- Larry J. Sabato, Director, UVA Center for Politics, and Author of Divided States of America (2005)
'This...represents a solid comparative approach to looking at gubernatorial elections over a seventeen-year period. The author has spent a great deal of time developing his approach, reviewing what has been done in the past in trying to understand these elections across the states and over time. He also made a very strong effort to compare these gubernatorial elections with the other major statewide elections - U.S. Senate elections - held during the same period. This book will lead to others picking up the challenge and trying to do some explorations on their own, and Leal has left several suggestions as to where some of the next research should be going in studying these elections in the states.'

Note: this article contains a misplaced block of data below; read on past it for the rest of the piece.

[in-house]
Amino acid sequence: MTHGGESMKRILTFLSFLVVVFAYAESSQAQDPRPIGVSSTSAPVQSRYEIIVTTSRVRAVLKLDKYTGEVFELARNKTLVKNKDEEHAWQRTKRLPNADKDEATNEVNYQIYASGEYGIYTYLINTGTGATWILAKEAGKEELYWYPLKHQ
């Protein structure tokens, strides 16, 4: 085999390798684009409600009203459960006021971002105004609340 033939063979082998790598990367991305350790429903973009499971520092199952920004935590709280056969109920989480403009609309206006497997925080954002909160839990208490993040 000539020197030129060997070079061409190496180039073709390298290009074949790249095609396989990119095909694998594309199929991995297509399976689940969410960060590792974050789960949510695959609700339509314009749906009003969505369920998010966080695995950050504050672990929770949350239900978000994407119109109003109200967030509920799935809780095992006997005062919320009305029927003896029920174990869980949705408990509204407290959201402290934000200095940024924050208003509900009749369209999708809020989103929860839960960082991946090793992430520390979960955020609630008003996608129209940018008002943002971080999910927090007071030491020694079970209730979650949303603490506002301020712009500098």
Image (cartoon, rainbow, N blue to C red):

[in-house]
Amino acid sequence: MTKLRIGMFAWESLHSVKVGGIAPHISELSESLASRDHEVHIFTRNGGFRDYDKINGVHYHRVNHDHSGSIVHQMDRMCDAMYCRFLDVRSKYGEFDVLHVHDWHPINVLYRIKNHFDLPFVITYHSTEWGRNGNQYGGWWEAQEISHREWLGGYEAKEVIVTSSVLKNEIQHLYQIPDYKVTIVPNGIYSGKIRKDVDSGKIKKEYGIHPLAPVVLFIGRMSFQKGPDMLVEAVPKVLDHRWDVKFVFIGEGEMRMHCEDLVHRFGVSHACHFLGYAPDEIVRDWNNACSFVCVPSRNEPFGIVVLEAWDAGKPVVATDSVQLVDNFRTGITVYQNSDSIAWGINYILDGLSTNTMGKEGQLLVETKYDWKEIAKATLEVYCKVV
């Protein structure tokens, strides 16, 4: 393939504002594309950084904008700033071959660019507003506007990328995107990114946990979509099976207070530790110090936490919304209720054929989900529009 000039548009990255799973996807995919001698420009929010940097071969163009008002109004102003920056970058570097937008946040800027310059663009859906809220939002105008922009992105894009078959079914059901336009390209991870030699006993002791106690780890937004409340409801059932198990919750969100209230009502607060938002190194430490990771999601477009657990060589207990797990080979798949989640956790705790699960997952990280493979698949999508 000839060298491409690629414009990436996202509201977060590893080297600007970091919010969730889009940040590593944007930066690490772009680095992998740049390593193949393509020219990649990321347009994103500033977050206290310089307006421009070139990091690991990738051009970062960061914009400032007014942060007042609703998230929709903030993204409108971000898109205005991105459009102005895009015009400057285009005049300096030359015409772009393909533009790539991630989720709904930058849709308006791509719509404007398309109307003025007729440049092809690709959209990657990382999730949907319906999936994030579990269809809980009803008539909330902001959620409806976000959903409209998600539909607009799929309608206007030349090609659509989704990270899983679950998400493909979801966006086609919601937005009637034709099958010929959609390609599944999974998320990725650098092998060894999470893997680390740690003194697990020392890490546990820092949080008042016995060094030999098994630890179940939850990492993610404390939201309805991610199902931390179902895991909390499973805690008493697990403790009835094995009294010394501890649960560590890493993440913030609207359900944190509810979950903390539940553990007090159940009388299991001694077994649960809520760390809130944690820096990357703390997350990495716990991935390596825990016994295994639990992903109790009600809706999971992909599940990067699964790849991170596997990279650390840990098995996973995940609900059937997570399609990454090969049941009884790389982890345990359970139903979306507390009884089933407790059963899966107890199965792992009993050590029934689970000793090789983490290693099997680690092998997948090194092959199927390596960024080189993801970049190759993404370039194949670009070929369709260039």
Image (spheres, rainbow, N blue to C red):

- Thad Beyle, Professor of Political Science, University of North Carolina at Chapel Hill
'Two facets of David L. Leal's analysis stand out. First, Leal's new approachexpands our piecemeal understanding of gubernatorial elections by providing a comprehensive analysis of the many factors associated with a person's decision to become a candidate for governor, voter mobilization, and gubernatorial election outcomes. Second, his findings are presented in the context of research on elections to the U.S. Senate. This provides a more thorough understanding of the electoral dynamics surrounding the two most visible offices in any state. This book will be the starting pointfor all future studies of contests for state chief executives.'
- James D. King, Professor of Political Science, University of Wyoming